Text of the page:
Frogs and the City
Monday, Sep 12, 2016, 01:47 AM | Source: Pursuit
By Kirsten Parris
As a child, I enjoyed being outdoors and conducting experiments.
I became interested in the environment when I was in high school and joined an organisation called Australian Trust for Conservation Volunteers (now Conservation Volunteers Australia). I'd go on trips during the school holidays to plant trees and build walking tracks, often with my good friend.
We did some work with penguins at Phillip Island, and that's when I became even more interested in conserving the environment for both animals and people.
Urban ecology is essential to today's society, especially as the urban growth boundary continues to expand.
We're now more urban than ever. A few years ago, the proportion of humans living in cities crossed the 50 per cent threshold. The cities we're building tend to be located in areas with very high biodiversity and we're impacting on the habitat of lots of other species.
In the past, the argument was that we either have nature or development, not both together. But it is possible to construct cities that are great places for people as well as for native plants and animals. We can keep nature in the city.
There are tensions between urban ecologists and property developers over how much land should be dedicated to conservation and recreation.
Tensions have grown in recent decades as Melbourne's urban growth boundary has been moved further and further out. There's obviously a strong financial benefit for people who have invested in land near the boundary. But the flipside is that these new suburbs are being built on top of important grassland and woodland habitats, and also on top of federally-listed threatened species, such as the growling grass frog, southern brown bandicoot and striped legless lizard. At the moment, biodiversity is suffering.
The development lobby is very powerful and unfortunately, people and nature are losing out.
In 2012, there was a discussion in Victoria about leaving buffer zones along creek corridors to keep some space for native animals and for residents' recreation in new suburbs. The development lobby weighed in very strongly, so the zones were narrowed and just a tiny little strip of land was left.
The only people who won in this situation were the developers. It's fair to say that developers have more political clout than frogs.
Land conservation isn't just for plants and animals; it's essential for people that cities have green spaces.
Green space and biodiversity in cities are important for people's physical and mental health. Access to green space increases our chances of exercising regularly – we can get outdoors, walk the dog, go for a jog or ride our bikes. Access to nature in cities is also very beneficial psychologically, as it helps people feel calmer. Plenty of studies show the mental-health benefits of being in nature, and when we live in crowded, stressful environments that becomes even more important.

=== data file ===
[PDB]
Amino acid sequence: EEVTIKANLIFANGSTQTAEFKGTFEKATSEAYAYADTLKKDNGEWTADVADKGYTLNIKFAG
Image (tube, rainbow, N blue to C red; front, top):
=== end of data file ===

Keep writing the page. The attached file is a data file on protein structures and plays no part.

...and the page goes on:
I work with the Clean Air and Urban Landscapes Hub, which recently started consulting with Indigenous Australians on urban research and planning.
All cities are Indigenous places, even though we've changed the landscape; they remain places where local Indigenous people are connected. Indigenous people have a strong tradition of caring for Country, and in our hub, we think that is a valuable thing to consider and apply to caring for the city.
Developers and town planners should include a minimum allotment of green spaces in all new developments.
We also need planning controls in existing suburbs over the proportion of an individual block that can be covered by a building, driveway and other hard surfaces.
Just one garden isn't going to make a big difference to the space available for biodiversity. But lots of gardens can add up to have a very significant effect over the whole city; they're providing spaces for other species to live and providing lots of benefits to people, too.
Much of my research is about frogs – they're an incredibly versatile group of animals.
I love them! Frogs have a reputation for being sensitive to environmental stressors and being an indicator species of things going wrong in the environment. But some species of frogs can also be very resilient. There are amazing places where frogs live – even in the desert where they will spend years underground before popping up when it rains to reproduce and eat.
I've written a book, Ecology of Urban Environments, to explain what urban ecology is and what people can do to protect nature and biodiversity in our cities
When I started teaching, there was no textbook on urban ecology anywhere in the world, so I had to cobble together material to create something coherent. I thought, "Wouldn't it great if there was a textbook on urban ecology?". So I decided to write one myself.
I think there's an urgency to urban ecology, it's more than just an academic discipline. My book is about making urban ecology simple and easy to understand.
We need to educate people about the importance of green spaces and natural environments in built-up areas.
Among the general population, there's still a sense that nature is something that exists outside of cities; that if someone wants to enjoy being in nature, they need to visit a national park. But nature can be part of our everyday lives and part of where we live.
Banner: A Growling Grass Frog. Picture: Department of Environment and Primary Industries/Flickr
– As told to Alana Schetzer